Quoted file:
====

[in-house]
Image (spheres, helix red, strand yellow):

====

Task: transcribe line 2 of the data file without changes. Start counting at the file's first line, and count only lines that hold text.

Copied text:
Image (spheres, helix red, strand yellow):